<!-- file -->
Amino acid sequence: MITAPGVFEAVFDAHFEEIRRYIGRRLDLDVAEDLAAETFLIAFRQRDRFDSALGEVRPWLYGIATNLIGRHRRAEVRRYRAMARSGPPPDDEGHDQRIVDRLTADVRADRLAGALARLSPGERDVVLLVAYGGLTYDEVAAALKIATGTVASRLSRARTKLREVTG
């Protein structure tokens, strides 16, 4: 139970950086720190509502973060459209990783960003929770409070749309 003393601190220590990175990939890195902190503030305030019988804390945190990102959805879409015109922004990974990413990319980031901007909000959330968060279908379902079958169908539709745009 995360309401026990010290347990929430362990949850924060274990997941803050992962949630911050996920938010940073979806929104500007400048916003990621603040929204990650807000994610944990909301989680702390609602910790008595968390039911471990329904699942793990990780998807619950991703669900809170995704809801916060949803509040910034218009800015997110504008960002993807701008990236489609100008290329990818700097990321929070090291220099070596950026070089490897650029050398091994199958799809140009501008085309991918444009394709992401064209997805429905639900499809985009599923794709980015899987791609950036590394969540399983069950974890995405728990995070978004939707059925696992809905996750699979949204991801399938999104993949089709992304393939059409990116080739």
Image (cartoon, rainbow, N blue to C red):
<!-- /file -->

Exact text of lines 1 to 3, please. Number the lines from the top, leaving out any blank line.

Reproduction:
Amino acid sequence: MITAPGVFEAVFDAHFEEIRRYIGRRLDLDVAEDLAAETFLIAFRQRDRFDSALGEVRPWLYGIATNLIGRHRRAEVRRYRAMARSGPPPDDEGHDQRIVDRLTADVRADRLAGALARLSPGERDVVLLVAYGGLTYDEVAAALKIATGTVASRLSRARTKLREVTG
């Protein structure tokens, strides 16, 4: 139970950086720190509502973060459209990783960003929770409070749309 003393601190220590990175990939890195902190503030305030019988804390945190990102959805879409015109922004990974990413990319980031901007909000959330968060279908379902079958169908539709745009 995360309401026990010290347990929430362990949850924060274990997941803050992962949630911050996920938010940073979806929104500007400048916003990621603040929204990650807000994610944990909301989680702390609602910790008595968390039911471990329904699942793990990780998807619950991703669900809170995704809801916060949803509040910034218009800015997110504008960002993807701008990236489609100008290329990818700097990321929070090291220099070596950026070089490897650029050398091994199958799809140009501008085309991918444009394709992401064209997805429905639900499809985009599923794709980015899987791609950036590394969540399983069950974890995405728990995070978004939707059925696992809905996750699979949204991801399938999104993949089709992304393939059409990116080739």
Image (cartoon, rainbow, N blue to C red):